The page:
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The History of New Year’s Day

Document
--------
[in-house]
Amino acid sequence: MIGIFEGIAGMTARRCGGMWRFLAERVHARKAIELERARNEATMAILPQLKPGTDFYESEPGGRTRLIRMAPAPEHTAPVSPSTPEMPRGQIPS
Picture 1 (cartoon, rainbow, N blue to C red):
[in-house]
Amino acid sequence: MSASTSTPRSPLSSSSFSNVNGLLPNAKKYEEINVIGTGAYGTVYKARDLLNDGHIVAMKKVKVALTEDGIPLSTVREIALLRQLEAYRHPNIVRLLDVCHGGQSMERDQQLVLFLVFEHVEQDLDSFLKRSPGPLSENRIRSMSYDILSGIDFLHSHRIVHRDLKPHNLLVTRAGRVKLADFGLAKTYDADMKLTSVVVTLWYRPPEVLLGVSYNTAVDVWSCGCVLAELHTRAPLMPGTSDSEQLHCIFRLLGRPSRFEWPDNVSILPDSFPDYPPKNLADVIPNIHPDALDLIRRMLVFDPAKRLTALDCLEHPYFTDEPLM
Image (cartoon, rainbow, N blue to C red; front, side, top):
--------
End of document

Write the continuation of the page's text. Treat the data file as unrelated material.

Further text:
The start of each new year has been celebrated for at least four millennia by civilizations all around the world. The earliest recorded celebrations date back to ancient Babylon, where the first new moon following the vernal equinox heralded the start of a new year. The occasion was celebrated with a large religious festival called Akitu. Even as ancient civilizations developed increasingly complex calendars, most cultures tied the first day of the year to a specific astrological or agricultural event. For example, for the ancient Egyptians, the new year began with the annual flooding of the Nile and the rising of the star Sirius, while for the ancient Chinese, the new year began with the second new moon after the winter solstice. In ancient Rome, the calendar was first created by Romulus, but over the years it fell out of sync with the sun. In 46 B.C., Emperor Julius Caesar introduced the Julian calendar, which closely resembled the modern Gregorian calendar that most countries around the world use today. As part of his calendar reform, Caesar declared January 1st as the first day of the new year, in part to honor the Roman god of new beginnings, Janus. The ancient Romans celebrated the new year by offering sacrifices to Janus, exchanging gifts, decorating their homes, and attending raucous parties. During the Middle Ages, January 1st was replaced as the first day of the year with more religiously significant dates, but in 1582, Pope Gregory XIII reestablished January 1st as New Year’s Day and it has remained so ever since. Today, many cultures celebrate the new year beginning on December 31, or New Year’s Eve, and continue their festivities into the early hours of January 1st. They also commonly gather together to celebrate during daytime hours on New Year’s Day. Common traditions include attending parties, enjoying special foods thought to bring good luck (beans and pork are both popular for this purpose in many cultures), watching firework displays, singing traditional songs such as “Auld Lang Syne,” and making resolutions. Interestingly, the practice of making resolutions is thought to date all the way back to the ancient Babylonians, who made promises as part of their celebration in hopes of pleasing the gods! Many people also participate in culture-specific or family-specific New Year’s traditions.

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